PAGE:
by Preston MacDougall
June 29, 2005
I am not referring to the elation that Steve Miller must have been experiencing when he wrote "High On You Mama," after all, he was a self-confessed "joker, smoker and midnight toker."
I used to live in Los Alamos, New Mexico, which is almost half a mile higher than Denver, the mile-high city. So I know very well how majestic the Sangre de Christo Mountains are, and that one need not take in anything other than the scenery to feel a "Rocky Mountain High." But this isn't what I am referring to either.
I refer to the natural high that we feel when the brain is briefly flooded with endorphins, molecules which have a physiological effect similar to morphine. (I'll have to trust the literature on that one.) These molecules are "homemade brain food" in the sense that the chemical plants in the head office of our own bodies, our brain cells, synthesize them out of smaller feedstock molecules on a regular basis.
Biochemists are still trying to sort out why morphine simulates a strong endorphin response. This puzzle is complicated by the fact that there is not one endorphin molecule involved, but a family of them. Our brains use these molecules to regulate feelings related to pain, hunger and sex, so there is naturally lots of interest in them, both medically and commercially.
Most endorphins are constructed out of a small number of amino acids, from two to a few dozen. But since there are twenty amino acids used to construct proteins in our bodies, this creates a very large number of possibilities. Many endorphin molecules have been isolated from the pituitary gland, where they are particularly concentrated, but there are certainly many more waiting to be discovered.
The molecular structure of morphine has some similarities to simple endorphins, but to a chemist the resemblance is not striking. What is unmistakable though, is the feeling of euphoria that accompanies the release of endorphins in the brain. I am told that runners experience this approximately midway through a marathon race. The furthest I have run in a race is 10K, which might explain why I don't particularly enjoy running.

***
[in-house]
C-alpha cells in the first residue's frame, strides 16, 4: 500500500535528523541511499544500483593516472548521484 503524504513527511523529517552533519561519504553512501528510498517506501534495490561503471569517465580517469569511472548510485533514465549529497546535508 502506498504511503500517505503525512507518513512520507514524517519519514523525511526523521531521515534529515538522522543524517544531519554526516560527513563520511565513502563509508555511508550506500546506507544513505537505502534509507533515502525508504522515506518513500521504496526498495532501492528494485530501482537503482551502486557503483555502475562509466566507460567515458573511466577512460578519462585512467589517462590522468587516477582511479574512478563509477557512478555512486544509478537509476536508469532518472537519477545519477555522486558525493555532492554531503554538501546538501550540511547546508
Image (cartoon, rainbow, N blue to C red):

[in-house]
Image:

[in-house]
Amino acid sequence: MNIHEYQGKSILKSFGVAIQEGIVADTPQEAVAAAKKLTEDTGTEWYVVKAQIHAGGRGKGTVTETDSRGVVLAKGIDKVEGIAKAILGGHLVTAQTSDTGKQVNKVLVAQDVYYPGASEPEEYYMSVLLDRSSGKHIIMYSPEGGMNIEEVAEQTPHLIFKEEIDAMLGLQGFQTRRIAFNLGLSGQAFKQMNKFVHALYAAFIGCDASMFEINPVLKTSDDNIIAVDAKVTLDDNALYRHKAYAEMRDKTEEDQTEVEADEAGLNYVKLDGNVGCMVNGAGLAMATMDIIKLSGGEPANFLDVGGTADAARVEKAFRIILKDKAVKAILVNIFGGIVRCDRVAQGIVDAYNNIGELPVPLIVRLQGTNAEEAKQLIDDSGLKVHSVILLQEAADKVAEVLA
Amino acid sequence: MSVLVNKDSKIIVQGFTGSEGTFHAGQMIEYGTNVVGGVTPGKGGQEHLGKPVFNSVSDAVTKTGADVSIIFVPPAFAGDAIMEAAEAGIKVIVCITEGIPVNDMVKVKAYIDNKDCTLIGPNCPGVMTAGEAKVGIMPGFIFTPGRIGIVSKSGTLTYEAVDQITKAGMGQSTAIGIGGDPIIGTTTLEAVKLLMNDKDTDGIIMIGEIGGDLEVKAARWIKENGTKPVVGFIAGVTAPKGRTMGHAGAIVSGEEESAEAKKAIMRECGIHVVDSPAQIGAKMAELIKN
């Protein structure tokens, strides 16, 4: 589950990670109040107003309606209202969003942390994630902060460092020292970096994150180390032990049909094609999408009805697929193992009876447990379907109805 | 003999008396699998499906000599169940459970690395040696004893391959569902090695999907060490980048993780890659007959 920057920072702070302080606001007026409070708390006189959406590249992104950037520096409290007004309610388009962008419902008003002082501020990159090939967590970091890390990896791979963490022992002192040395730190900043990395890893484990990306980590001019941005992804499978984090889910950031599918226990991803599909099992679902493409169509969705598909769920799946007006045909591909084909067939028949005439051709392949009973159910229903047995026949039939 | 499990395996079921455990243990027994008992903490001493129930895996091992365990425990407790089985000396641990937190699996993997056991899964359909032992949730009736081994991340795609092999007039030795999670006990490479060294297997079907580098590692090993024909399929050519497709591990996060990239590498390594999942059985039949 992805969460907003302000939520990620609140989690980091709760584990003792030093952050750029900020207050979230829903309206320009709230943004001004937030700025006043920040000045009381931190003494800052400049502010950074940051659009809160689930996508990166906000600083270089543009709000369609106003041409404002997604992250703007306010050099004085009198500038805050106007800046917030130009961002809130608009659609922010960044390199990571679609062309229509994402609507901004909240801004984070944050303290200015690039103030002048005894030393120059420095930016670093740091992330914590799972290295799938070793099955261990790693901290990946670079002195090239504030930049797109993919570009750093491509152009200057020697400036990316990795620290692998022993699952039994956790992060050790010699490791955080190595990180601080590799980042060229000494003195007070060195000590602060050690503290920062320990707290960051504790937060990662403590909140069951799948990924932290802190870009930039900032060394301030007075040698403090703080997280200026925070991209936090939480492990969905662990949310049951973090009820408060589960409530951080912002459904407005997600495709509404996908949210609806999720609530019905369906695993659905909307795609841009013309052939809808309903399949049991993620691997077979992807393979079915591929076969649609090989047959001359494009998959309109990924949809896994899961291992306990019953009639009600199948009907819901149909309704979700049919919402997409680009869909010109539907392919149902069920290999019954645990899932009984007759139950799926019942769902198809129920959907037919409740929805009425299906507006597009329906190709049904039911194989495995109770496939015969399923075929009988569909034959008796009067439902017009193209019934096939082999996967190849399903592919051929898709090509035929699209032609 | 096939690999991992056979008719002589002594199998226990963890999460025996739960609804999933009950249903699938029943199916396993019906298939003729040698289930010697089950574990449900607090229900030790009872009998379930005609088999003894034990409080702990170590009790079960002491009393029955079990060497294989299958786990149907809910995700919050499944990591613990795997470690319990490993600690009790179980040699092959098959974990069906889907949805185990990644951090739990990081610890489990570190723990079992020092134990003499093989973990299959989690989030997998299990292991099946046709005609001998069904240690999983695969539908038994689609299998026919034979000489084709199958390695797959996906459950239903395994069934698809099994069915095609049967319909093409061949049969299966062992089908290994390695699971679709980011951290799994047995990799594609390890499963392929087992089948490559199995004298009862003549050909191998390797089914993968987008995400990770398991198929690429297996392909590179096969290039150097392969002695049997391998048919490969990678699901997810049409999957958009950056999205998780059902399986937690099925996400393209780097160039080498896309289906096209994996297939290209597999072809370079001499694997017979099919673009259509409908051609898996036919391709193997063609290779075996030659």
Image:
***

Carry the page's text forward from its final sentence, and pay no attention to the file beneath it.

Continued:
I doubt that the Greek warrior who ran from Marathon to Athens, in 490 B.C., volunteered for the task. After all, legend has it that he collapsed and died when he delivered his message of victory. Yet my good friend David Jones is an ultra-marathon enthusiast, racing 100 miles, often uphill or in the desert. From my perspective, that anyone would volunteer to do this, for fun, is tantamount to proof that "runner's high" must be a real phenomenon.
To athletes, the "agony of defeat" may be the flip-side of the "thrill of victory," but for ABC's Wide World of Sports they are both money in the bank. Likewise, as far as brain chemistry is concerned, they are both consequences of the same molecular chain reaction.
On rare occasions, the same athlete will go from agony to victory, with help from endorphins along the way no doubt. The most obvious example is Lance Armstrong, the cyclist from the plains of Texas who survived brain surgery and intense chemotherapy after he was diagnosed with testicular cancer that had metastasized and spread to his lungs and brain.
While his cancer was in remission, he resumed his training, and eventually won the Tour de France an amazing six consecutive times. A feat unmatched in the near century of this mountainous bicycle race, but one that he might surpass himself in 2005.
My daughter, who was also born in Texas, is among the millions of people, young and old, who sport yellow LiveStrong wristbands. For uplifting personal stories of courageous battles with cancer, or to contribute to research that aims to improve the quality of life of cancer survivors, go to www.livestrong.org.
Inspiring? Yes. Pinnacle of athletic achievement? Perhaps. Most heroic athletic performance by a person living with cancer? Surprisingly not. At least not for someone living in Canada during the 80's, such as myself. Let me tell you about Terry Fox.
Terry Fox was born in the Canadian prairies, in Winnipeg, Manitoba. So his geographical origins are similar to Lance Armstrong's. He also had a youth that was endorphin enhanced by virtue of his love of sport and athletic training. Unfortunately, he too was diagnosed with cancer at a young age. (Terry was 18 in 1977 when his doctors amputated his right leg six inches above the knee in an attempt to stop the spread of his bone cancer.)
Terry and Lance must have been similarly impacted by the courage that they witnessed in the cancer wards of their respective hospitals. While Terry's cancer was in remission, he decided to raise money for cancer research, and began his own regimen of training for what he would call his Marathon of Hope.
Do you have some tissues handy? Terry Fox dipped the shoe at the end of a pole-like prosthetic serving as his right leg, in the Atlantic Ocean on April 12, 1980. He then proceeded to run, with what soon became an endearing skip-like gait, across Canada.
He ran a marathon, every day, for 143 consecutive days, in rain or shine, or whatever else the Canadian weather dished out. He had covered two-thirds of Canada's wide expanse, totaling 5,373 kilometers, when he was forced to halt his run near Thunder Bay, Ontario. His cancer had returned, and all the endorphins that his brain cells could produce were no match for the pain.
He died within a year, but still holding onto the dream of sending his cancer back into remission and completing his cross-country race. He didn't accomplish his athletic goal, but his ultimate goal of raising $1 for every Canadian was reached while he was alive. Please visit www.terryfoxrun.org for progress on extending Terry's hope worldwide.